This month’s Engineering Edge Employee Spotlight is on Stephen Harper, Branch Chief of the Environmental & Field Testing Branch in the Engineering Test Division. He is also a Black Hawk Helicopter Instructor Pilot and Safety Officer with the Pennsylvania Army National Guard.
What is your current job in the Engineering Directorate?
The Environmental & Field Testing Branch is responsible for environmental testing, including pressure testing, vibration testing, temperature testing, fog testing, etc., to determine how various equipment, filters and materials will perform under extreme conditions. Our test chambers can simulate various environmental scenarios and conditions encountered by the Warfighter in the field. As Branch Chief, I consider myself a “working facilitator” for our team’s operation. Although I serve in a supervisory capacity, I enjoy being hands-on and assisting the team with projects. I also serve as a liaison assisting Division Chief Eugene Vickers and Associate Director Ron Pojunas in helping the branch to acquire new customers.
Tell us about your service in the Army National Guard.
Growing up, I always enjoyed military movies and TV shows and dreamed of flying helicopters. Initially I joined the Air National Guard working as a sheet metal mechanic on A-10s. The National Guard was a means of supporting myself through college, and it has been a huge part of my life ever since. I have served in the National Guard for 24 years; most of those years have been in the Army National Guard. My tenure in the Army National Guard has been in aviation as a Black Hawk helicopter pilot, except for the one-year waiting period prior to flight school. I am currently stationed with the Alpha Company 2/104th General Support Aviation Battalion (GSAB) in the Pennsylvania Army National Guard located in Fort Indiantown Gap, Pennsylvania. What some folks may not know about me is that I also served as a Deputy U.S. Marshall for two years in Washington, D.C. ECBC has supported me as a Soldier and civilian employee through the course of two deployments to Iraq (in 2003 and 2009), a recent deployment to Afghanistan (in 2013), and multiple military training schools and other missions and commitments. With a background in chem-bio, I was able to serve as an assistant to the Nuclear Biological Chemical (NBC) officer during my deployment to Iraq in 2003.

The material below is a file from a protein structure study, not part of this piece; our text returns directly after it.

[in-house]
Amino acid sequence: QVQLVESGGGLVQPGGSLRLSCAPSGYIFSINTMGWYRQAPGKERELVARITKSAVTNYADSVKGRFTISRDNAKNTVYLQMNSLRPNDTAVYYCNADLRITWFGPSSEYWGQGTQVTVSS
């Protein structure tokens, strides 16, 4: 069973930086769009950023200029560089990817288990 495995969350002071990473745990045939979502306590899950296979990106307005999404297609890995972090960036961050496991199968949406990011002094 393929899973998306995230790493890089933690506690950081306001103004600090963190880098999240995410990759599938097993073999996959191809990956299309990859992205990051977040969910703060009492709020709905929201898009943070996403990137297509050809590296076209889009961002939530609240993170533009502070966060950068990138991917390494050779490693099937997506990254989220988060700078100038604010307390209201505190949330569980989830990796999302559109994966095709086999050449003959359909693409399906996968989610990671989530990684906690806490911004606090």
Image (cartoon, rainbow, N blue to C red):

What kind of perspectives do you bring to your work at ECBC by also being a Soldier?
From the perspective of being both a scientist and a Soldier, I am able to harmonize the research and end user sides. This perspective is unique and advantageous simply by being able to explain the Army’s needs to the scientists and by answering any technical questions about protective equipment for the Soldier. It is essential that Soldiers have confidence in their equipment. ECBC’s capability of the rapid-fielding of chem-bio defense equipment and technologies is impressive to Soldiers; they trust the quality and safety of the equipment provided by the Center. Also beneficial is my experience of working with certain equipment used in theater. If there is a piece of equipment that didn’t work well, I can explain what occurred to scientists and researchers so that improvements can be made.
What are your other hobbies outside of work and the Guard?
Besides work and the National Guard, I also spend a lot of time in school. I am grateful to both ECBC and the National Guard for supporting my education, including my Master’s degree in Environmental Policy & Management and my current pursuit of a Ph.D. in Engineering Management. Perhaps when I am finished with school I will finally have a chance to renew one of my favorite hobbies of all time – riding motorcycles!